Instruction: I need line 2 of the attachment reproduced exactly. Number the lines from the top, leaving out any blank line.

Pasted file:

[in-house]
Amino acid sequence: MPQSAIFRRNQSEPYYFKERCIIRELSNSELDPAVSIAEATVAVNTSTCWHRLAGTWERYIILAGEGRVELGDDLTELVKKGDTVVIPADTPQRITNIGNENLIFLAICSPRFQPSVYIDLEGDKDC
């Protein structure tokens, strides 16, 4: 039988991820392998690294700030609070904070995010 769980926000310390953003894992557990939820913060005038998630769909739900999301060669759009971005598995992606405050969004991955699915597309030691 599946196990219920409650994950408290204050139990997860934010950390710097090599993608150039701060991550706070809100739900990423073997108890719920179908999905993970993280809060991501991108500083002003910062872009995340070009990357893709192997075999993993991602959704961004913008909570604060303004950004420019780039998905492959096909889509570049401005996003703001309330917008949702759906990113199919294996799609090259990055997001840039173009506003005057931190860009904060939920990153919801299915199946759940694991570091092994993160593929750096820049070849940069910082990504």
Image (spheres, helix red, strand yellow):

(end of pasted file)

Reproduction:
Amino acid sequence: MPQSAIFRRNQSEPYYFKERCIIRELSNSELDPAVSIAEATVAVNTSTCWHRLAGTWERYIILAGEGRVELGDDLTELVKKGDTVVIPADTPQRITNIGNENLIFLAICSPRFQPSVYIDLEGDKDC